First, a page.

|A Christmas Bride
The son of a Bristol merchant, Edgar Downes is an attorney and a wealthy, successful merchant and businessman, a cit. His father believes that there's no better man or gentleman than his son and that Edgar deserves nothing less than a lady for a wife, so it is that at the age of thirty-six Edgar finds himself promising not only to search for a lady willing to marry him, but to bring her home as a Christmas bride. Luckily for Edgar, his sister Cora and brother-in-law Lord Francis Kneller invite him to London for the season, and along with their aristocratic friends plans are made to introduce him to eligible ladies. Aristocratic young ladies with parents willing to marry their daughters to a merchant are found, unfortunately during that first planned event the woman who catches Edgar's eye is the beautiful seductive widow wearing red, Lady Stapleton.
Helena is also shocked when the handsome, powerful and rather imposing stranger catches her eye and soon she maneuvers the situation until he escorts her home, alone, where she promptly seduces him. Almost immediately she regrets her weakness, and soon we are treated to the mocking, self-destructive, sarcastic, and hurtful Helena. Edgar is not much better, he is taken aback by Helena's passionate nature and his own passionate reaction to her. They both know they made a mistake, but soon find that there are consequences to that night of seduction that will change lives and take decisions out of their hands. As Christmas approaches and all make their way to Edgar's country estate, will those changes bring happiness? If it's up to Helena, the answer to that question is no.
Edgar Downes and Helene, Lady Stapleton were introduced in previous novels released by Balogh. Edgar is Fanny's (The Famous Heroine) older brother, and Helene is Gerald Stapleton's (A Precious Jewel) wicked step-mother. Yes, Helene is the villainess in that romance and for much of this romance Helena plays the role of the hurtful, mocking woman who embraces suffering for her past mistakes but takes that self-hatred out on those who attempt to make her happy, in this case Edgar. Helena's hard edges are in full display as she refuses to show a softer, vulnerable side or to embrace happiness because to her way of thinking she doesn't deserve it. And well, there's a good reason for that!
This situation with Helena might have been a total disaster if she had not warned Edgar from the beginning that she did not want happiness or him. She is straight forward and relentless when it comes to fighting deep feelings. He knows this, yet can't stop thinking that they are made for each other because she's a strong woman and he's willing to fight for a future. The man has the patience of Job! Actually Edgar is a man who knows how to control his domineering side quite well... and has no problem showing his softer side. He's a lovely man. Balogh works this rather prickly and rough relationship slowly from beginning to end. It works because although feelings change between the characters, the characters don't really change who they are, instead what is beneath the surface is revealed as the story moves along.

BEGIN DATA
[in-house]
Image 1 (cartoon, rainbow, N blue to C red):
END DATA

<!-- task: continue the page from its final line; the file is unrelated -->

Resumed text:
Edgar and Helena are excellent examples of Balogh protagonists with a bit of a twist. She is a woman willing to sacrifice happiness and he is an honorable man of character. I see two differences here from the norm: Helena's sacrifice doesn't come about because she's trying to protect someone else, and she's willing to hurt other people's feelings in order to punish herself. Balogh's usual heroine hurts herself before hurting others and sacrifices her own happiness for the sake of others. I actually found Helena as an ex-villainess who is not exactly looking for redemption, but finds it and doesn't necessarily change into an unrecognizable character, a bit of a refreshing protagonist -- particularly in a Christmas novella. This view of Helena, however, might not be shared by all readers.
Another aspect about this novella also surprising to me is that first seduction scene between Edgar and Helena. That has to be one of the most passionate bedroom scenes I've read so far in a Balogh novel or novella. Balogh's intimate scenes are known to be rather tame, and although in comparison to others out there it won't be considered over the top, in Balogh-land that is definitely a steamy scene!
As a Christmas novella set in the Regency era and written by Mary Balogh, you will find that no matter how non-traditional the trope or the characters in A Christmas Bride might be, her trademark traditional English Christmas scenes in the country are also very much a part of the story. Gorgeous secondary characters with interesting little stories of their own abound, but in this novella the most interesting aspect of those secondary characters is that most of them come from other romances -- besides the ones mentioned above the group also involves the Duke and Duchess of Bridgwater (The Plumed Bonnet), Jennifer and Gabe (Dark Angel), and Hartley and Samantha (Lord Carew's Bride). It's a happy reunion full of family and friends with the focus always kept firmly on the romance.
I really enjoyed A Christmas Bride with its non-traditional heroine and traditional Christmas story about forgiveness and redemption -- and boy, nobody needed forgiveness and redemption more than Helena! It gave me that kick start I needed to get me into the mood to read all those holiday books I have sitting on my coffee table. Reading now, Christmas Beau.
Category: Historical Romance/Holiday
Publisher/Release Date: Dell/November 27, 2012
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